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6.7: Untitled Page 130

  • Page ID
    18263
  • Chapter 6

    Atomic

    ecies

    Sp

    3:

    N R N R

    N R N R N R N R

     0

    (6‐35c)

    31

    1

    32

    2

    33 3

    34

    4

    35

    5

    36

    6

    This 3  6 system of equations always has the trivial solution R  0 , for A

    A  1 , 2 , .., 6 , and the necessary and sufficient condition for a non‐trivial solution to exist is that the rank of the atomic matrix be less than the number of molecular species. For this special case of three atomic species and six molecular species, we express this condition as (Kolman, 1997)

    Non‐trivial solution (Special):

    r  rank N   6

    JA

    (6‐36)

    By rank we mean explicitly the row rank which represents the number of linearly independent equations contained in Eqs. 6‐35. It is possible that all three of Eqs. 6‐35 are independent and the rank associated with the atomic matrix is three, i.e., r  rank  3 . On the other hand, it is possible that one of the three equations is a linear combination of the other two equations and the rank is two, i.e., r  rank  2 . The general con it

    d ion concerning the rank of e

    th atomic matrix in

    Eq. 6‐22 is given by

    Non‐trivial solution (General):

    r  rank N   N

    JA

    (6‐37)

    hen

    W

    the rank is equal to N  1 , we have a special case of Eq. 6‐22 that leads to a

    single independent stoichiometric action

    re

    . In that

    special case, the N  1 net

    rates of

    roduction

    p

    can be specified in terms

    of R and

    Eq. 6‐22 can be

    expressed as

    N

    R

     

    R

    (6‐38a)

    A

    AN

    N

    R

     

    R

    (6‐38b)

    B

    BN

    N

    R

     

    R

    (6‐38c)

    C

    CN

    N

    .

    .

    R

     

    R

    (6‐38 n‐1)

    N1

    N1 N

    N

    ere

    H

    , 

    , etc., are often referred to as stoichiometric coefficients; however, AN

    BN

    the authors prefer to identify these quantities as elements of the pivot matrix as dicated

    in

    in Example 6.1.

    Stoichiometry

    239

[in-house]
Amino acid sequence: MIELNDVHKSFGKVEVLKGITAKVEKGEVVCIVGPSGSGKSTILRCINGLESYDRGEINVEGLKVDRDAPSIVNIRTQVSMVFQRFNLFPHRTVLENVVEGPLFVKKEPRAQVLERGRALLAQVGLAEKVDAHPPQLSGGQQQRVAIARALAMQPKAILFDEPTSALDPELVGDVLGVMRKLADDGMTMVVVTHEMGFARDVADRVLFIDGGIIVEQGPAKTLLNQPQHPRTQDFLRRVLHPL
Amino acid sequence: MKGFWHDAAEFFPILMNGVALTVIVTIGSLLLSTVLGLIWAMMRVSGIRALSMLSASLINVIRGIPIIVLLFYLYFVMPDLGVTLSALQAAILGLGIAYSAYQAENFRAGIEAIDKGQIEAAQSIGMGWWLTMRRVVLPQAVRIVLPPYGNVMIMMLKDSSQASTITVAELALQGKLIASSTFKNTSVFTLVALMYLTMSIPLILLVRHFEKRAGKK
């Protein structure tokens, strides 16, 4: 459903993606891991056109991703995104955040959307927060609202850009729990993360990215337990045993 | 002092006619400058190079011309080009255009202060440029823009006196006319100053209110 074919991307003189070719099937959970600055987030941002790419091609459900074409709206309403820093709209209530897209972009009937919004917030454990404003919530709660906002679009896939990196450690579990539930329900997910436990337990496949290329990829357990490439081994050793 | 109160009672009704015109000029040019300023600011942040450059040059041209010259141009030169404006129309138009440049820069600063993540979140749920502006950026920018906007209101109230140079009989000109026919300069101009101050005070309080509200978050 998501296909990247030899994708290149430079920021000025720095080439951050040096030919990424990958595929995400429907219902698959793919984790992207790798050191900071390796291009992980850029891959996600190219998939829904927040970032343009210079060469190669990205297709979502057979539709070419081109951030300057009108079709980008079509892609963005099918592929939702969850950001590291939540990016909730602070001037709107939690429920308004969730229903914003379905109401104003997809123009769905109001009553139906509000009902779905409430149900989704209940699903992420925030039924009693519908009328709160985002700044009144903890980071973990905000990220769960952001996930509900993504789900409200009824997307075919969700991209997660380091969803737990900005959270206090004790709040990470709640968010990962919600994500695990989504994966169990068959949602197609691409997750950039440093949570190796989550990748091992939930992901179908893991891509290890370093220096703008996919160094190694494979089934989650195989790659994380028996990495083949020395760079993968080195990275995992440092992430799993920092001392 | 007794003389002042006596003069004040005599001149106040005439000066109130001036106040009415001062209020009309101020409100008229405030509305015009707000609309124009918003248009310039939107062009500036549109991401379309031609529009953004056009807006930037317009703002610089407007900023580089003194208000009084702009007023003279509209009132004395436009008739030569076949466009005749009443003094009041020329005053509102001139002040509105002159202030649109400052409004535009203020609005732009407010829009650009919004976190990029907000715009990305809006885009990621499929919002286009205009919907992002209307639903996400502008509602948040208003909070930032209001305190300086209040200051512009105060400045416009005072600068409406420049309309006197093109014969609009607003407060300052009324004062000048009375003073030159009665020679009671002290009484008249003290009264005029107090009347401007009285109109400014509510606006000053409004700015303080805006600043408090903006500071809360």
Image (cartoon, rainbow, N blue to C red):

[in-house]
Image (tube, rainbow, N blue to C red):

6.2.4 Stoichiometric equations

    It is crucial to understand that Eqs. 6‐38 are based on the concept that atoms are neither created nor destroyed by chemical reactions. The bookkeeping associated with the conservation of atoms is known as stoichiometry, thus it is appropriate to refer to the equations given by Eqs. 6‐38 as stoichiometric equations. In addition, it is appropriate to identify Eqs. 6‐38 as a case in which there is a single independent net rate of production, and that this single independent net rate of production is identified as R

    . In order to be clear about

    N

    stoichiometry and chemical kinetics, we place Eq. 6‐7 side‐by‐side with Eq. 6‐38a to obtain

    2

    k c

    A

    R

     

    , chemical kinetics

    A

    1  k c

    (6‐39a)

    A

    R

     

    R , stoichiometry

    (6‐39b)

    A

    AN

    N

    re

    He we note that the symbol R in Eq. 6‐39a has exactly the same physical A

    significance as R in Eq. 6‐39b. In both cases R is defined by Eq. 6‐17.

    A

    A

    However, the description of the right hand side of these two representations of R is quite different. The right hand side of Eq. 6‐39a is a chemical kinetic relation A

    while the right hand side of Eq. 6‐39b is a stoichiometric relation. The chemical kinetic representation depends on the complex processes that occur when molecules dissociate, active complexes are formed, and various molecular fragments coalesce to form products. The stoichiometric representation is based solely on the concept that atoms are conserved. The chemical kinetic representation may depend on temperature, pressure, and the presence of catalysts, while the stoichiometric representation remains invariant depending only on the conservation of atoms. In this chapter, and throughout most of the text, we will deal with stoichiometric relations based on Axiom II. In Chapter 9

    we will examine chemical reaction rate equations, and in that treatment we will be very careful to identify stoichiometric constraints that are associated th

    wi

    elementary stoichiometry.

    XAMPLE

    E

    6.1. Complete combustion of ethane

    In this example we consider the complete combustion of ethane, thus the molecular species under consideration are identified as (see Figure 6‐1) C H , O , H O , CO

    2

    6

    2

    2

    2

    240